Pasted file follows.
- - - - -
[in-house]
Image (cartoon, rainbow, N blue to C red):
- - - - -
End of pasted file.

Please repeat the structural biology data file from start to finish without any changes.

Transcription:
[in-house]
Image (cartoon, rainbow, N blue to C red):